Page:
Thursday, 28 June 2012

Rhubarb and Orange Sorbet

My neighbour kindly passed me some rhubarb over the garden fence a couple of days ago.

I do love rhubarb. It makes awesome crumbles and jams and I also love it roasted or stewed alongside greek yoghurt. The last couple of days finally the weather has started to get a bit warmer. It's humid and over cast and trying to rain - I don't think it will be too long before we get a thunderstorm.

It's been a rather wet summer - could do with a little less rain so the local farmers can get their hay crops in.

Anyway, I decided to have a go with the ice cream machine attachment that came with my new KitchenAid mixer. There is a recipe book that comes with it which has a few basic recipes for ice creams and sorbets. Using it as a guide, I came up with this recipe of my own

500g rhubarb
90ml water
zest of an orange
300ml of stock syrup*

Put these three items in a pan and simmer with the lid on until soft and pulpy.

Remove the zest pieces and then strain the juices from the pulp using a sieve.

To the resulting juice, add the juice of a fresh orange, to take the volume to 450ml and then add 300ml of stock syrup. Allow to cool and then refrigerate overnight until nice and cold.

*to make the stock syrup, boil 200g of sugar and 200g of water together for 5 minutes and allow to cool.

Remove your ice cream drum from the freezer - this needs to be in your freezer for at least 15 hours before use.

Fit to the mixer and turn on to the lowest setting. Slowly pour in your rhubarb and orange mix. It needs to churn for around 20 minutes. It will be a bit on the soft side.

Transfer into a plastic 2litre tub or into cells of a silicone bakeware mould and freeze for at least 3 hours or until required.

Serve and eat immediately !

 Sarah-Jane -

Sunday, 24 June 2012

Nacho Baked Chicken Breast and Salsa Salad

It's not often I blog about normal meals - generally just about baking ! 

However, this looked so bright and summery I thought I would share it - even if the photo wasn't so good.

I was rather bored with chicken and decided to oomph it up a bit for an evening meal.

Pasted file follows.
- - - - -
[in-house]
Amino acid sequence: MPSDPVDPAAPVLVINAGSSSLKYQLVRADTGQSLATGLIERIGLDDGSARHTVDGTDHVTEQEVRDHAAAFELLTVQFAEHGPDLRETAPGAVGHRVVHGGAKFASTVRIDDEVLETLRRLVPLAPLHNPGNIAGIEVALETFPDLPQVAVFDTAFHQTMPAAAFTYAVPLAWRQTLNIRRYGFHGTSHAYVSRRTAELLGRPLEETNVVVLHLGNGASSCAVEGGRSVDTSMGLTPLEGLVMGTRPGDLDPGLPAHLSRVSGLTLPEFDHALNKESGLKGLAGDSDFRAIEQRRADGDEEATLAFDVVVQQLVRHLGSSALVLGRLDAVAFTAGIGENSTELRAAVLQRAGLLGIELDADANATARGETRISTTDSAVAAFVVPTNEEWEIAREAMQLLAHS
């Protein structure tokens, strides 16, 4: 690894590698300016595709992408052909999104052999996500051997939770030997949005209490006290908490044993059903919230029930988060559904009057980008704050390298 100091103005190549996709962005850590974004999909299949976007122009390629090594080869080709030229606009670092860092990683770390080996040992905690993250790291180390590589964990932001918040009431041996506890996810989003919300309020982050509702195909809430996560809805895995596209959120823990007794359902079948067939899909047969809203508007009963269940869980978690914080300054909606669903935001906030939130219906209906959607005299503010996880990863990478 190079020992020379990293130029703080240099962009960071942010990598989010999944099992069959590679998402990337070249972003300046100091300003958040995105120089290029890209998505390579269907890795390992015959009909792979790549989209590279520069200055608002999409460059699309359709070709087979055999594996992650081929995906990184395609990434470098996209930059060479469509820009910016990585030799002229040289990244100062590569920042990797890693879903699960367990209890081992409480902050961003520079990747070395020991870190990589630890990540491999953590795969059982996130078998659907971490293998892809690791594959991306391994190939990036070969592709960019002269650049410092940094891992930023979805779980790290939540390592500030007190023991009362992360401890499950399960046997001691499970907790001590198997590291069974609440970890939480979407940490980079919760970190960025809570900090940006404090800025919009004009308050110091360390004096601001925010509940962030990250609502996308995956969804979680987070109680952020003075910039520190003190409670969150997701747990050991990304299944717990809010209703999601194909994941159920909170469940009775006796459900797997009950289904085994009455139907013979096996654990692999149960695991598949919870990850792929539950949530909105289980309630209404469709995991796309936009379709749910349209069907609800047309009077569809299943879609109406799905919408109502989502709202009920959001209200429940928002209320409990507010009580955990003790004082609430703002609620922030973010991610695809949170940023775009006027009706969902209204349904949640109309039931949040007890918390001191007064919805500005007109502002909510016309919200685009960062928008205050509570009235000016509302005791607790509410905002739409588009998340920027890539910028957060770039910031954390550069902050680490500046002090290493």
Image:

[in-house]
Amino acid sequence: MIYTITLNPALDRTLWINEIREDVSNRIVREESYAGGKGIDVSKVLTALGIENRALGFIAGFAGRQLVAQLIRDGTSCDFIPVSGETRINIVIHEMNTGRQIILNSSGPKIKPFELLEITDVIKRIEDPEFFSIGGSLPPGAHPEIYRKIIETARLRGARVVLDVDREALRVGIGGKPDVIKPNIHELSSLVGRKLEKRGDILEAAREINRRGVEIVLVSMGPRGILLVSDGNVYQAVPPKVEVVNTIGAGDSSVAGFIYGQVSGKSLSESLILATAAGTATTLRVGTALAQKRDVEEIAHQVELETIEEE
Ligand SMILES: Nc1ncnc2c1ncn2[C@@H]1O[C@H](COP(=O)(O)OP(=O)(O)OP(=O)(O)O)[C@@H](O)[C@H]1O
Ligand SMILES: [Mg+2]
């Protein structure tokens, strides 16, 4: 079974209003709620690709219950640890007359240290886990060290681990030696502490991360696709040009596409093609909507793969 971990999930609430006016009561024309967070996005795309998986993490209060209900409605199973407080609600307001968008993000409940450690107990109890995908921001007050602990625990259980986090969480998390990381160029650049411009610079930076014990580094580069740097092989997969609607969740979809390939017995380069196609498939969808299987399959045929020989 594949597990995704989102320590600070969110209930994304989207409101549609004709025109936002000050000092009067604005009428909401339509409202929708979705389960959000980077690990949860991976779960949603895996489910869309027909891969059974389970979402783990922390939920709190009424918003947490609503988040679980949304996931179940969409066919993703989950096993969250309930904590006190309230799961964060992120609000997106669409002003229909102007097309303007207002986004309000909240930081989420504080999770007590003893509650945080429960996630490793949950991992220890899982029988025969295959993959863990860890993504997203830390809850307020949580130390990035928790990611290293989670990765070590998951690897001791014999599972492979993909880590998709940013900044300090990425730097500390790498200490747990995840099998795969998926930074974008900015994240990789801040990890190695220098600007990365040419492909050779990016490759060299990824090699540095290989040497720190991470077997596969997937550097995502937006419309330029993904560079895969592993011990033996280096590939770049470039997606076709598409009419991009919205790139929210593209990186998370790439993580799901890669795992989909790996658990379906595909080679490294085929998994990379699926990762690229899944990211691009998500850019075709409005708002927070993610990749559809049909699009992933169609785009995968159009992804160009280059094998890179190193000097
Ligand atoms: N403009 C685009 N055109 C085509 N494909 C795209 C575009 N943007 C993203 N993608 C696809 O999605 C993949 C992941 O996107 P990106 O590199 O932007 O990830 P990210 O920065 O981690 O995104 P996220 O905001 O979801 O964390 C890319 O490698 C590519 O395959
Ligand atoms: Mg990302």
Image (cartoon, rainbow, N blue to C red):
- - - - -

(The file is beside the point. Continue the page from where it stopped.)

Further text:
chicken breast fillets
Tortilla chips (I used Cheesy Doritios)

for the salsa salad

cherry tomatoes 
a red onion
a green bell pepper
some salt
chilli oil
a lime

First of all , put the cheese and chorizo on top of the chicken breasts. Add some jalapenos if you like.

Smash up (in a plastic bag) 1 good big handfull of tortilla chips per person

Dip the bottom of the chicken breast in some beaten egg and then onto the bashed up tortillas. Brush some beaten egg over the top and cover with more bashed up tortilla chips.

Put on a baking tray and bake at about 180deg C fan oven for 25 mins.

Serve with a salsa salad of green bell pepper, red onion and cherry tomatoes dressed with chilli oil and lime on the side. 

Easy Peasy !

Sunday, 17 June 2012

Hot Chocolate with Cinnamon / Chocolate / Vanilla Marshmallows and Chocolate Spoons

Typically, I'm cooking out of season. Then again, my entire world revolves backwards. The best working time of day for me is about 10pm until 4am. I get a lot of email done at home and it's also the quiet time for doing website work and prototyping for new silicone bakeware mould development.

Despite getting up around 7.45am, I'm practically dead to the world until just after 10am. I have a couple of quality hours with Oliver and then it's off to work again (though in the office this time rather than my desk at home) when I drop him off at nursery at noon. I collect Oliver again at 6pm, tend to the horses and chickens... get dinner ready, family fed.... sometimes doze for an hour.

It's that time of night once everyone else is in bed, that I like to get creative in the kitchen (if time allows). Am I the only one that makes marshmallows at 2am ?

I made my marshmallows in two different silicone moulds. I used a Tray Bake Swiss rectangular silicone bakeware mould and I also used this floral and fancy silicone mold - which is ideal for tiny cakelets and large filled chocolates.

Marshmallow is THE stickiest stuff ever. Lightly (but thoroughly - don't miss any bits !) oil the inside of your silicone mould before use. Alternatively, you can use cake release spray.  You don't need much - just enough to give a film coating. Too much and the oil will pool on the inside. If you over do it, remove any excess with DO NOT dust the inside with cornflour / icing sugar. Trust me - for this, it's easier if you don't

Adapted from River Cottage

2 egg whites
500g white granulated sugar
25g gelatine granules (or 2 sachets Dr Oeteker brand)
1/3 cup of cocoa powder
1 tsp vanilla extract
cake release spray - or a tiny amount of flavourless oil